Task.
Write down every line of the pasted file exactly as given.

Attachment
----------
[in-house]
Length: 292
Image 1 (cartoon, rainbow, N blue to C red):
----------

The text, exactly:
[in-house]
Length: 292
Image 1 (cartoon, rainbow, N blue to C red):